Sun God 2 .... Norse Gods 12
Updated: Oct 2, 2018
(To see all the photos in this post and many more click here)
For as long as I can remember, my good friend David, who joined us in Bodø along with Tony and 'Aunty Pam' for two weeks cruising Vestfjorden and the Lofoten Islands, has declared himself to be the 'Sun God' and guaranteed good weather for anyone who invites him to join them on their holiday travels. Well, the Norse gods have knocked this dubious claim clean out of the park. During his two weeks on board, David managed to deliver just 2 sunny days whereas the Norse gods managed to deliver rain (at times torrential) on the remaining 12 days and two gales. Not only did they shatter David's self serving delusion but they also put paid to the view I put forward in an earlier blog that Norwegians just like to tell visitors how bad the weather usually is to shore up their psyche of being a nation of rugged tough nuts. As the last two weeks have shown it really can be atrocious!
Notwithstanding the less than perfect weather we managed to find enough dry patches to maintain a full agenda of outdoor activities and enjoyed the 'down time' with some memorable games of 500 (a card game popular in Australia based vaguely on the rules of Bridge), more of Karen's magnificent cooking and an occasional drink or two! We could not have done this without the unbelievably detailed and accurate weather forecasts provided by the Norwegian Meteorological Institute via their app 'YR' and Norway's equally unbelievable mobile data coverage. Forecasts are provided in hourly intervals up to 2 days out and in 6 hourly intervals for the following 8 days for pretty much every single city/town/village/hamlet in the country and the mobile data coverage seems to cover every single nook and cranny in the country no matter how remote. Almost without fail the forecasts accurately predicted the next dry/sunny period when a hike would be possible or the next wind event when a snug anchorage should be sought. I have never experienced weather forecasts as detailed, location specific and accurate as those provide by 'YR'.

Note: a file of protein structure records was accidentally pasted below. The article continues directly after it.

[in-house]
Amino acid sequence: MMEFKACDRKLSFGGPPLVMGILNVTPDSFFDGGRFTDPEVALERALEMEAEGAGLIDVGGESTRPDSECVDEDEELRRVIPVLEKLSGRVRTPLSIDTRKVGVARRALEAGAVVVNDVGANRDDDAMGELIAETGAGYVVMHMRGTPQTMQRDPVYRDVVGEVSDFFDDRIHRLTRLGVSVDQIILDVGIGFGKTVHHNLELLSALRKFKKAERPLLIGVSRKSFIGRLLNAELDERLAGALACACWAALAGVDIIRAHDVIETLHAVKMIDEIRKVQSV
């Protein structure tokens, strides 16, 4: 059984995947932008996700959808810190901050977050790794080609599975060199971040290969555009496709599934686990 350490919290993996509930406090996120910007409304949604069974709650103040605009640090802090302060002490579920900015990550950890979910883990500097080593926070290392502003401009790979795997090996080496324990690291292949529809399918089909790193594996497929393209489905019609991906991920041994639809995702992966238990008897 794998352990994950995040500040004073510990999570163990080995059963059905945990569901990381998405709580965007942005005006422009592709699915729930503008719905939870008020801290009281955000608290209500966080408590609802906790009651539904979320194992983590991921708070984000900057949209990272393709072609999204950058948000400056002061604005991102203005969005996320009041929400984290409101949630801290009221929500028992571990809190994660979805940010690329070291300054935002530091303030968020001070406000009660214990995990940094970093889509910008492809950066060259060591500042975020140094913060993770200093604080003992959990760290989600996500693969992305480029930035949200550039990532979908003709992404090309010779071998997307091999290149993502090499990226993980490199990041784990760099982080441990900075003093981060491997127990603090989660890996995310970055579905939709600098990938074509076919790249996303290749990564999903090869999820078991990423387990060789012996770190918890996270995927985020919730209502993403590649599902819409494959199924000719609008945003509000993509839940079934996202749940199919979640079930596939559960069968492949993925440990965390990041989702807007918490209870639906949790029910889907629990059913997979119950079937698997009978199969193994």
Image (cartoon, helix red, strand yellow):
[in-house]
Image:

Our route started and finished in Bodø, (where David, Tony and Aunty Pam joined us) and headed north on the eastern 'mainland' side of Vestfjorden and then across to the Lofoten Islands which form the western side of Vestfjorden. Everything I have read suggested that the Lofoten Islands provide the most most spectacular scenery in northern Norway and despite the less than perfect weather they did not disappoint. We had been told by locals that they never visit the islands during the peak summer months (June / July) because they are overrun by tourists and judging by the still substantial numbers of American and German accents to be heard in late August it is clear this remote part of the world has been well and truely 'discovered'. The mainland side of Vestfjorden on the other hand is, in my opinion, equally spectacular and definitely far less 'discovered'. We had planned to visit a place called Hellemobotn at the far end of Tysfjorden (on the mainland side - see map above) and do a hike to the Swedish border reputed to be one of the most spectacular hikes in all of Norway but unfortunately the rotten weather put a stop to that plan.
One of the highlights of this section of our trip was our 2 night stay at Straumhamn - probably the most spectacular anchorage we have experienced in all of Norway. 'Sun God' David claimed a rare win over his Norse gods adversaries on day 1 and arranged a warm cloudless day and and an absolutely extraordinary sunset. Putting David up against the Norse gods is however a bit like putting the Wallabies up against the All Blacks and unperturbed by their uncharacteristic loss the Norse team took charge again the next day and turned the rain back on ...... but 'YR' came to the rescue and we managed to fit in a memorable 5 hour hike nevertheless.